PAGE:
varelse1: I thought 960 would time-warp me back to the days of Greco and Lopez. Challenging me to invent opening theory, the way they did. But now that I've tried 960 for a while, I'm not so sure. Okay, I'm shakey in the opening part, that much I expected. But I never realized how uncomfortable I would be in the middlegame as well. The middlegames I reach are completely unfamiliar. There is no sense of "been there, done that." The positions are almost an alien landscape. Only as the endgame approaches, do things start to look familiar again. I still intend to keep trying 960. But so far, I am disappointed.

It's easy to overlook that not only were Greco and Lopez trailblazers in the opening, they were on equally unfamiliar ground in the middlegame and endgame. Anyone looking for 'been there, done that' in chess960 middlegames is bound to be disappointed. Here's an opinion on the opening phase.

SaharanKnight: If you thoroughly follow the principles of opening play, which is the same in chess960 except for a few added considerations, then you as a lower rated player can indeed compete against a chess master, especialy if he is new at chess960. Of course, if he/she is an old pro at chess960, it will be harder, but strict following of opening principles should allow one to remain competitive. But who thoroughly follows the opening principles, or who has mastered them? Conclusion: Mastery of opening principles = enjoyment of chess960.

And another on the middlegame phase.

morgondag: Chess960 in my experience (which isn't that great) often enter relatively quickly into sharp and even chaotic positions. According to the "Chess for Tigers" [by Simon Webb] book, this is the kind of positions in which a much lower ranking player has the greatest possibility of beating a much stronger player.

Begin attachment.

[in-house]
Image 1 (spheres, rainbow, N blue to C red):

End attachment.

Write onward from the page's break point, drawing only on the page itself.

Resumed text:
A common sentiment is that chess960 offers a bigger intellectual challenge than does traditional chess.

FM marljivi: I give no credit to the victory of the game, which lasts, let's say, 40 moves,and the first 20 moves had been prepared with computer, then the moves 21-30 had been a part of prepared general plan, which had probably also been merely worked out by computer, and then the last 10 moves were just conversion of the big advantage into a full point. I would really like to hear someone to explain to me the drawbacks of the chess960. Please, I am all ears.

This requires a bigger investment in thinking time.

Patscher: Chess 960 can't be played live. You have to spend lots of time since the opening, so blitz 960 isn't good.

In traditional chess, a player who knows opening theory can steer a game into his strengths. This is more difficult in chess960.

AngeloPardi: The problem with playing competitive chess960 is that this introduces an element of luck : some starting positions will favor tactics, other will probably be very positional. Some might even be lost for one side from the start!

That last remark brought a favorable mention of Chess960 Jungle (see the sidebar for a link) and investigations into diffcult SPs.

morgondag: The blog Chess960 Jungle has made some more serious attempts to clasify and analyze chess960 openings. They have also tried to find SPs that are lost for black but so far not found any, although there are some SPs that are more dificult than others and black can quickly get in serious disadvantage if he does not play accurately.

Over the past few months I've noted other Chess.com forum threads that offer new angles for looking at chess960. I'll consider highlighting them in a future post on this blog.